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Social Privacy Issues Have Major Marketing Implications

It seems that every day over the past week there’s a new story regarding privacy and transparency concerns in the social space. For example:

We continue to see user anxiety about privacy issues that Facebook Timeline will create.

Social network Path outraged users by accidentally posting its users’ address books publicly.

Google continues to frustrate users with its privacy policy change and its focus on increased personalization of search.

Pinterest, the hottest topic in the social sphere at the moment, is causing a bit of controversy over the fact it’s monetizing pins without disclosing that info to users.

And now, Google looks to be offering beta testers the opportunity to trade in their browsing privacy for 25 whole dollars. What a deal!?!

Unfortunately, despite protests from many about these privacy and transparency practices, most of the aforementioned sites are so ingrained in our personal routines that we won’t stop using them. Can you imagine a day without Googling? I didn’t think so.

And that really means the envelope will only be pushed further until legal boundaries are encroached.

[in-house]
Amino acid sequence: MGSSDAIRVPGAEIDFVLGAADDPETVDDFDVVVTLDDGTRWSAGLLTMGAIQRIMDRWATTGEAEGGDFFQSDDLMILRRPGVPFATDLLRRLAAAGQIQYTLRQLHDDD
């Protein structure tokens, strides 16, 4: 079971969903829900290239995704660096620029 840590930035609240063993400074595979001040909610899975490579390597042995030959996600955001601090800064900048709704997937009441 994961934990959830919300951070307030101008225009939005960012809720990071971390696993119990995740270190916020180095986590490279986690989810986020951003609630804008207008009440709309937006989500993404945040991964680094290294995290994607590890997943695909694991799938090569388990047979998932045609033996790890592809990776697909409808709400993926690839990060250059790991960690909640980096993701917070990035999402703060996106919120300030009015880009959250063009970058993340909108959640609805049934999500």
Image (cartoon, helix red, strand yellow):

What does this mean for you as a marketer? Well, in  some ways, the disregard for user privacy is a good thing for you. The more data that is collected, the more robust profiling that can be done by ad networks, and in theory the better you can target potential customers.

On the other hand, if the envelope continues to be pushed, and at some point there is government intervention, that could set tracking, targeting, and reporting efforts back considerably. For instance, in the UK, recent legislation states that by May 25th, all sites must offer their users the opportunity to opt-in, not out, of cookie acceptance. And without those cookies, a tremendous amount of ad targeting and site analytics data will be lost. The consequences for marketers will be fascinating to monitor.

Perhaps the best case scenario is that some of these offending sites will at some point see a loss in traffic that will force them to reconsider their stance on privacy issues. With better self-regulation, government intervention, and potentially serious consequences that come with it, could be avoided for marketers.

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